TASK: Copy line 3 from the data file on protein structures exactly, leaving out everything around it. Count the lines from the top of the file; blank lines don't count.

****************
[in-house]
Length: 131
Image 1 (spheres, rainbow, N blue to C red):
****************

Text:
Image 1 (spheres, rainbow, N blue to C red):